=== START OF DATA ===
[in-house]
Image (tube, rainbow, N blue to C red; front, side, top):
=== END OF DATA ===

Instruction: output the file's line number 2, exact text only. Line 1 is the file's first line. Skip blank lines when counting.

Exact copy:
Image (tube, rainbow, N blue to C red; front, side, top):